The Baloise cloud seeder, a Cessna light aircraft specifically equipped for hail prevention, has been in use during the hailstorm season since August 2018. The method used to ‘seed’ hailstorm clouds causes no harm to human health or the natural environment. For the planned pilot phase, the area of deployment is initially limited to the German-speaking parts of Switzerland. Every year from early May until the end of September, the plane takes to the air and specifically targets hailstorm clouds to ‘seed’ them, which prevents the formation of large hailstones. According to an internal analysis of claims, there are already initial signs that this method is having a positive impact. The analysis is based on internal hail damage claims data from the past twenty years.
One of the segments most affected by hailstorms is motor vehicle insurance. The internal analysis of the number of claims in the motor vehicle segment shows that compared with the period from 2000 to 2017, the level of hail-related claims incurred has remained at a consistently low level since the targeted cloud seeding project was launched. It currently comes to a total in the mid single-digit millions.
All in all, the cloud seeder was deployed during four loss events (days with more than 50 claims) in 2020. The average claim volume on these days was around 10 per cent lower than the annual average, which suggests a reduction in intensity. The number of claims per year has been relatively low overall since the launch of the cloud seeder programme in 2018.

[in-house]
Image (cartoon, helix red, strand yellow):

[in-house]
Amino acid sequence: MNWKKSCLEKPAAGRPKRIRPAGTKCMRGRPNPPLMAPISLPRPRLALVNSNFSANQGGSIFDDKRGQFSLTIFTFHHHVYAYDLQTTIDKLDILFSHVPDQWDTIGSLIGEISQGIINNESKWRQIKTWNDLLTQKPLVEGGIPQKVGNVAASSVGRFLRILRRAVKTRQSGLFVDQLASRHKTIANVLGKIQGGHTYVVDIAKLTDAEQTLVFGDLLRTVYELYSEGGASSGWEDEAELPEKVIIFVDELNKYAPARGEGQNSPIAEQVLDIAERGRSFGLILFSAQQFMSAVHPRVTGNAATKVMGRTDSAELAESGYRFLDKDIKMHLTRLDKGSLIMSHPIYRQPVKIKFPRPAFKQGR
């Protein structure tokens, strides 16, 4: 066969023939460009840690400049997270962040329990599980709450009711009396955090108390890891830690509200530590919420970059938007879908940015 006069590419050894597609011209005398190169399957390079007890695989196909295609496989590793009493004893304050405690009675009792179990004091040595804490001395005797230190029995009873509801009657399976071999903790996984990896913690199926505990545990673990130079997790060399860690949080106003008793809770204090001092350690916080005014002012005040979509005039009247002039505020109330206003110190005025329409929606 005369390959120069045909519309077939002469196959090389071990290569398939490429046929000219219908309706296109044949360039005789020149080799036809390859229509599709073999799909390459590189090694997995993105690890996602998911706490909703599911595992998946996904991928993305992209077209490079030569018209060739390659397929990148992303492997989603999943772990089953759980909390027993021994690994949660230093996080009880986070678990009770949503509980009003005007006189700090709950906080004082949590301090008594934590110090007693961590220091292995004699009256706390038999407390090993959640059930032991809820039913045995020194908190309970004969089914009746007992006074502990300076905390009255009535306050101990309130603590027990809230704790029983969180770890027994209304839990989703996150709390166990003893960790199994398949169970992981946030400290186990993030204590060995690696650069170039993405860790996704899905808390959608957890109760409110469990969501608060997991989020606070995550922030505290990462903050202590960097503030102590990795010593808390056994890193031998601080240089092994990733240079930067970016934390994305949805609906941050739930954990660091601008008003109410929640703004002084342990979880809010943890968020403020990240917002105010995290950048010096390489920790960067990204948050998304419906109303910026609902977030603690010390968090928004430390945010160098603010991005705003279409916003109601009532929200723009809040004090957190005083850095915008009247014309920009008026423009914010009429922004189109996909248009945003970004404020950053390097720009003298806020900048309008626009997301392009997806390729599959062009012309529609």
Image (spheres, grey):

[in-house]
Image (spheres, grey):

Alongside the internal analysis of claims data, Baloise is also collaborating closely with the Swiss Federal Institute of Technology (ETH), which is carrying out research into the impact of targeted cloud seeding. In addition, a ‘hail committee’ has been formed – a panel of experts that serves as a sounding board for approaches to the shared objective of preventing hail damage. The committee members include representatives from cantonal building insurance providers, the farmers’ association, the Swiss Insurance Association (SVV) and specialist insurance provider Schweizerische Hagel-Versicherungs-Gesellschaft. “While the downward trend in the severity of hailstorm events is very encouraging, it is still too early to draw conclusions about the effectiveness of the cloud seeder. Together with the ETH and our partners from the hail committee, we will analyse the data for the last few years at the end of the pilot phase and discuss the best way forward,” says Thomas Schöb, Head of Claims and a member of the Executive Committee of Baloise Switzerland.
In recent years, Baloise has taken a holistic approach to the subject of thunderstorms and hailstorms by using a variety of innovations in the field of claims prevention and claims processing. After major hailstorms, Baloise sends a text message or email to all customers based in the affected area at the time to ask them if they have suffered any damage. This is part of the company’s proactive customer support. If a customer has suffered damage, they can simply click on a link included in the message from Baloise to submit a claim straight away. In addition, Baloise sets up temporary ‘drive-in hail checkpoints’ in areas that have been affected by a major event. Customers can take their vehicle there and have it inspected by an expert who can advise them on the repair and insurance payout options available to them. This ensures that claims can be processed in a quick and straightforward manner, especially after a major event.